Fines for those who break the rules will now start at £100 in England, and will double on each further repeat offence up to £3,200. Stricter rules remain in place in the rest of the UK.

Close contact: The clip shows Londoners during rush hour ignoring Prime Minister Boris Johnson's advice to keep a two metre distance from each other

Close contact: The clip shows Londoners during rush hour ignoring Prime Minister Boris Johnson’s advice to keep a two metre distance from each other

Meanwhile, The Daily Telegraph said a Treasury document estimated the UK’s deficit could reach £337 billion this year because of the pandemic, compared to the forecast £55 billion in the Budget announced in March.

It said the assessment, drawn up for the Chancellor Rishi Sunak and dated May 5, warned that filling such a gap through tax rises would be ‘very challenging without breaking the tax lock’.

The paper said measures including income tax hikes, a two-year public sector pay freeze and the end of the triple lock on pensions may be required to fund the debt.

It comes after Mr Sunak announced the furlough scheme, currently supporting 7.5 million jobs, will be extended until the end of October, although employers will be expected to pick up a share of the bill from August as the economy reopens.

And the human toll of the Covid-19 pandemic was laid bare in official figures indicating a toll of more than 40,000 coronavirus-related deaths in the UK.

The analysis by the PA news agency includes deaths from Covid-19 and where it has been mentioned on the death certificate as a factor.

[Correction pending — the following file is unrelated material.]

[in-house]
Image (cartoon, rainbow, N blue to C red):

The move to unlock the housing market will enable buyers and renters to complete purchases and view properties in person, while visiting estate agents, developer sales offices or show homes will also be allowed.

The Government estimates more than 450,000 buyers and renters have been unable to progress their plans to move house since lockdown measures were introduced in March.

Millions of self-employed workers will be able to apply for grants of up to £7,500 from Wednesday, with payments due to land within six days, the Government has said.

A new report by the Institute for Public Policy Research said financial measures brought in to deal with the lockdown were protecting landlords and banks more than families.

Office for National Statistics data showed care home deaths accounted for some 40% of coronavirus-related fatalities registered in England and Wales in the week ending May 1. 

Communities Secretary Robert Jenrick added: ‘Spending time outdoors, exercising or just enjoying the countryside is essential for our physical health and wellbeing. The restrictions have impacted everyone, but particularly those without much living space or a garden.

‘We want to make life as healthy, bearable and social as possible, whilst controlling the virus and saving lives. That is why we have worked to find safe ways to enable more people to spend more time outdoors.’